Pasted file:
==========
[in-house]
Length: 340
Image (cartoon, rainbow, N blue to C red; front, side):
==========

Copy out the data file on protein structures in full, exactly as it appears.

[in-house]
Length: 340
Image (cartoon, rainbow, N blue to C red; front, side):